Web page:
Lactic acidosis characterizes the tumor microenvironment (TME) and is involved in the mechanisms leading to cancer progression and dissemination through the reprogramming of tumor and local host cells (e.g., endothelial cells, fibroblasts, and immune cells). Adipose tissue also represents a crucial component of the TME which is receiving increasing attention due to its pro-tumoral activity, however, to date, it is not known whether it could be affected by the acidic TME. Now, emerging evidence from chronic inflammatory and fibrotic diseases underlines that adipocytes may give rise to pathogenic myofibroblast-like cells through the adipocyte-to-myofibroblast transition (AMT). Thus, our study aimed to investigate whether extracellular acidosis could affect the AMT process, sustaining the acquisition by adipocytes of a cancer-associated fibroblast (CAF)-like phenotype with a pro-tumoral activity. To this purpose, human subcutaneous adipose-derived stem cells committed to adipocytes (acADSCs) were cultured under basal (pH 7.4) or lactic acidic (pH 6.7, 10 mM lactate) conditions, and AMT was evaluated with quantitative PCR, immunoblotting, and immunofluorescence analyses. We observed that lactic acidosis significantly impaired the expression of adipocytic markers while inducing myofibroblastic, pro-fibrotic, and pro-inflammatory phenotypes in acADSCs, which are characteristic of AMT reprogramming. Interestingly, the conditioned medium of lactic acidosis-exposed acADSC cultures was able to induce myofibroblastic activation in normal fibroblasts and sustain the proliferation, migration, invasion, and therapy resistance of breast cancer cells in vitro. This study reveals a previously unrecognized relationship between lactic acidosis and the generation of a new CAF-like cell subpopulation from adipocytic precursor cells sustaining tumor malignancy.

Extracellular Lactic Acidosis of the Tumor Microenvironment Drives Adipocyte-to-Myofibroblast Transition Fueling the Generation of Cancer-Associated Fibroblasts / Andreucci, Elena; Fioretto, Bianca Saveria; Rosa, Irene; Matucci-Cerinic, Marco; Biagioni, Alessio; Romano, Eloisa; Calorini, Lido; Manetti, Mirko. - In: CELLS. - ISSN 2073-4409. - 12:(2023), pp. 939-939. [10.3390/cells12060939]

Extracellular Lactic Acidosis of the Tumor Microenvironment Drives Adipocyte-to-Myofibroblast Transition Fueling the Generation of Cancer-Associated Fibroblasts

Matucci-Cerinic, Marco;
2023-01-01

Abstract

Lactic acidosis characterizes the tumor microenvironment (TME) and is involved in the mechanisms leading to cancer progression and dissemination through the reprogramming of tumor and local host cells (e.g., endothelial cells, fibroblasts, and immune cells). Adipose tissue also represents a crucial component of the TME which is receiving increasing attention due to its pro-tumoral activity, however, to date, it is not known whether it could be affected by the acidic TME. Now, emerging evidence from chronic inflammatory and fibrotic diseases underlines that adipocytes may give rise to pathogenic myofibroblast-like cells through the adipocyte-to-myofibroblast transition (AMT). Thus, our study aimed to investigate whether extracellular acidosis could affect the AMT process, sustaining the acquisition by adipocytes of a cancer-associated fibroblast (CAF)-like phenotype with a pro-tumoral activity. To this purpose, human subcutaneous adipose-derived stem cells committed to adipocytes (acADSCs) were cultured under basal (pH 7.4) or lactic acidic (pH 6.7, 10 mM lactate) conditions, and AMT was evaluated with quantitative PCR, immunoblotting, and immunofluorescence analyses. We observed that lactic acidosis significantly impaired the expression of adipocytic markers while inducing myofibroblastic, pro-fibrotic, and pro-inflammatory phenotypes in acADSCs, which are characteristic of AMT reprogramming. Interestingly, the conditioned medium of lactic acidosis-exposed acADSC cultures was able to induce myofibroblastic activation in normal fibroblasts and sustain the proliferation, migration, invasion, and therapy resistance of breast cancer cells in vitro. This study reveals a previously unrecognized relationship between lactic acidosis and the generation of a new CAF-like cell subpopulation from adipocytic precursor cells sustaining tumor malignancy.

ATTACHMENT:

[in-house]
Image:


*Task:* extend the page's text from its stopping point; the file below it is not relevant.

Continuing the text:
2023
adipocytes
adipose-derived stem cells
cell differentiation
extracellular acidosis
lactate
myofibroblasts
cancer-associated fibroblasts
breast cancer cells
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Utilizza questo identificativo per citare o creare un link a questo documento: https://hdl.handle.net/20.500.11768/154528
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